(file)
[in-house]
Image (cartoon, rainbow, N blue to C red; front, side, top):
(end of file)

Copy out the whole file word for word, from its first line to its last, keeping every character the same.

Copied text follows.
[in-house]
Image (cartoon, rainbow, N blue to C red; front, side, top):